Black Summer is a prequel/spin-off from Z Nation, a zombie horror series I’m not familiar with which airs on the SyFy channel (in the States, I presume, although it’s available here on Netflix?). At any rate, after suffering through another season of The Walking Dead, this thing is a breath of fresh (albeit decaying) air. Where The Walking Dead spreads interminably slow storylines over sixteen-episode seasons which are themselves split in two chunks of eight, Black Summer is just eight episodes and the whole thing lasts less than five hours- most episodes last under 40 minutes and the last two just 25 and 20 minutes. This brisk running time keeps the pace up and noticeably serves the story- the finale has every reason to be just 20 minutes long, and isn’t saddled with 20 minutes of padding for the sake of maintaining the traditional run-time (most of the time it seems entire episodes of The Walking Dead are padding just to maintain the sixteen-episode format of each season).
But enough about The Walking Dead– that show is made utterly irrelevant having watched Black Summer. This thing is like some high-octane zombie horror that maybe John Carpenter might have fashioned in the early ‘eighties. Set some six weeks into a zombie apocalypse in which the world is teetering on collapse, its as desperate and scary and tense as you could hope as chaos reigns and civilization disintegrates. To strain one last comparison, it’s the End of the World to The Walking Dead‘s soap opera of surviving the Apocalypse and bringing America back.
We are thrown right into the nightmare without any character backgrounds or introductions. There doesn’t seem to be any right or wrong as long as you survive another day, and the threats are as much other desperate humans as the wildly rabid-like undead. Everything is stripped back to the tense life-or-death moments of fight or flight or the confusion of who can be trusted. Its a little like a zombie Game of Thrones, funnily enough, in which every decision has consequences and any character can suffer a sudden death out of nowhere.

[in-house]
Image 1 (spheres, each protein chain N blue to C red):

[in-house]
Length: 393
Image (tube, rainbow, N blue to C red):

There’s just sufficient character moments -and the cast are all pretty much great- to ensure that we care what happens. Even the utterly incompetent Lance (Kelsey Flower) who at one point tries to pretend the apocalypse isn’t happening by burying himself in a random book while the sounds of death draws near, and seems to stumble from crisis to crisis in spite of himself doing everything to get himself killed, fosters some grudging empathy. He often seems to be a waste of air but I’m often reminded that there is a strange reality to his ineptitude, he’s some kind of Everyman offering the reality of what we would be like in the apocalypse. While we’d like to pretend we’d be more like Spears (Justin Chu Cary) or Rose (Jaime King) in the blind horror moments, we really know we’d be rabbits in the headlights like Lance.
This a great show and its format is perfect for Netflix- it’s an easy binge watch over a weekend and I hope it proves to be successful enough to warrant another season.